Interested in reading more around borrowing with a low credit score? Here are some similar guides:

Compare credit cards with MoneySuperMarket

Looking for a way to build your credit score? A credit builder credit card can give your credit score a boost over time. You’ll have a smaller credit limit – and if you can pay off your balance each month you should start to see your credit score improve. 

Finding the right credit card is easy when you compare with MoneySuperMarket. First, you’ll need to tell us a little about yourself and your financial situation, including information on your employment, income and what you’ll be using your new credit card for.

From there, you’ll receive a list of credit cards that match your needs. We’ll even show you which cards you’re most likely to be accepted for if you apply with our credit card eligibility checker. This way you reduce the risk of being rejected and further damaging your credit rating.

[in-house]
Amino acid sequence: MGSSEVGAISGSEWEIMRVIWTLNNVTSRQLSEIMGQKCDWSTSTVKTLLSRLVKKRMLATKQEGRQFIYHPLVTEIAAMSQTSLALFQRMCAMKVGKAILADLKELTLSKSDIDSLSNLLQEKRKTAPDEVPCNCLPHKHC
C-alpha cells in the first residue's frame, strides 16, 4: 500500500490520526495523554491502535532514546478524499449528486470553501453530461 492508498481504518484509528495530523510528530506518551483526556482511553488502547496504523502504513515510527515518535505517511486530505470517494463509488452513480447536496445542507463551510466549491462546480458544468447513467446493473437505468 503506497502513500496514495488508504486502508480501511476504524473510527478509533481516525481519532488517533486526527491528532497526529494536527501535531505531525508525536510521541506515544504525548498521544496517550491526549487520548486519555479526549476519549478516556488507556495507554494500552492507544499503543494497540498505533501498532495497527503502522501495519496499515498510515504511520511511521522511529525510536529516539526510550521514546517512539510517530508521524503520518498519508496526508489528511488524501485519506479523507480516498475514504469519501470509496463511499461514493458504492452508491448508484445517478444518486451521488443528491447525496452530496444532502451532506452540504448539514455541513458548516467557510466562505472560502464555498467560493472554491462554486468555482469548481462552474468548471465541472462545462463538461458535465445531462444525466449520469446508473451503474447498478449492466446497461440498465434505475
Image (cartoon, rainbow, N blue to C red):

Once you’ve found the card you want, just click through to the provider to finalise your application. 

MoneySuperMarket is a credit broker – this means we’ll show you products offered by lenders. We never take a fee from customers for this broking service. Instead, we are usually paid a fee by the lenders – though the size of that payment doesn’t affect how we show products to customers.n be high if you can't then get back into the black within a reasonable time.

Frequently asked questions

Am I more likely to be accepted for buy now pay later than a credit card if I have bad credit?

It’s hard to judge whether you’re more likely to be accepted for BNPL than a credit card when you have bad credit. Your likelihood of being accepted will depend on a range of conditions and will be up to the buy now pay later provider or the policy of the credit card issuer. Different providers will have different criteria and thresholds.